What does your work aim to say to the world?

That - and I understand the grand irony of this when considering my art style - it is very naive to see everything in black and white. There is usually good in the bad and bad in the good, and no one is a hundred per cent on either side. The world is full of shades of grey and understanding that is a big part of growing up. This is represented, most obviously, by my “good” characters doing very bad things, but also through celebrating the specific charm of a city like Newcastle in spite of people trying to drag it down.

Describe how you produce artworks. Do you have any rituals or superstitions?

This is going to sound dumb, but so much of my creative process happens inside my head. I have always been a very visual thinker and am able to do the bulk of my thumbnailing in my imagination, while I am out running or listening to podcasts or cleaning my apartment, even if it just boils down to imagining how certain shapes fit together. This has evolved out of necessity - I have plenty of time where my brain isn’t doing anything important, but only a certain amount of hours at my desk every day, so when I do actually get the chance to draw I hit the ground running. I do just about everything digitally - I work in Adobe Illustrator and use a Wacom tablet to get the idea out of my head and onto the page, but the bulk of the finished lines you see are done with a mouse. This is super backwards to most artists I know, but it has always made sense to me. I have a lot of friends who are making the jump to the iPad pro for doodling, and I’ve been on the cusp of trying it out for a long time, but it’s a pretty steep barrier for entry. One of my first jobs was at a screen printers (in Blackalls Park, which then moved to Newcastle - it was in the building where the Flying Tiger was most recently) where I spent a lot of time setting up work for print. You can probably tell this by looking at my work, but I am always working as a print technician at the same time as being an artist. I’m always thinking in two colour separations, and imagining how it’s going to look printed and bound.

As far as superstitions go, the other night I went out for a run and my keys fell out of my pocket. I remember running past someone’s bin, which had been knocked over by the wind, and considered stopping to pick it up but thought it wasn’t my problem. The whole week when I was trying to find and replace my keys, the back of my mind was telling me I lost them because I didn’t stop to pick up that bin! I believe in karma, for sure ahaha.

What's the dream project?

More than anything I think my dream project is what I am already doing, but with a larger audience to connect to. The absolute dream for me would be to have my work published by Fantagraphics or Drawn and Quarterly or Top Shelf or Avery Hill, and go on book tours with Seth or Daniel Clowes or Simon Hanselmann and meet people all over the world who appreciate my work. I am currently… part of the way there.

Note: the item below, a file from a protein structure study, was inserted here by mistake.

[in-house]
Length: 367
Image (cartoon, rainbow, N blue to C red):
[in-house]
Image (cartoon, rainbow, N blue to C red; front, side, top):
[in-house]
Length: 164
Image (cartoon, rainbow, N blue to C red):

As far as a commercial gig, I would love to work on a movie or TV show where the story focuses around a cartoonist, and it was my job to develop their drawing style and make it look legit. Most recently, I saw something similar to this in the film Under The Silver Lake, where there was a local conspiracy theorist producing little crackpot zines about local mythology. When he was explaining one of his theories, all of his illustrations became animated and took up the whole screen. It was one of my favourite things I’ve seen in a movie this year! This also means I’d get to work by myself at the same time as working in a big group of other people, so I get the best of both worlds. I guess I’ll be holding out for a gritty reboot of Caroline In The City.


How do you combat the inner critic?

I spent a lot of time shitting on my own work and telling myself I’m terrible, so if I want to get anything done all I can do is listen to everyone else, rather than myself! I have just had a very exciting weekend at the Papercuts festival in Adelaide where everyone got very excited about seeing my work, and I’m going to attempt to ride that high until I launch another book later this year.

How do you counteract the isolation of being an artist?

So I currently work from a co-working space in Hunter Street Mall called The Roost, with the express purpose of being around people and socialising. I love being around people and chatting about mundane aspects of life, like cooking and plants, and having a schedule and rituals and having workplace relationships. The “work” part is only part of it. For nearly two years I worked from a Renew Newcastle studio in the centre of the city, very very close to where Art Dork is now, and I was by myself all day. I’d get an insane amount of work done in one sitting but I was legitimately miserable and it was, in the long run, affecting my work. I ended up becoming very close friends with the staff of The Press Bookhouse, the nearest cafe, because they were the only people I’d see during the day, and I was so starved for interaction. I think isolation can be important to get things done but I, personally, need to be around people to keep myself sane.